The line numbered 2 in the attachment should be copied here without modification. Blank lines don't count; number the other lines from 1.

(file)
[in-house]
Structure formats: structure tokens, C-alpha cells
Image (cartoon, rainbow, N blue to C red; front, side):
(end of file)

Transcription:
Structure formats: structure tokens, C-alpha cells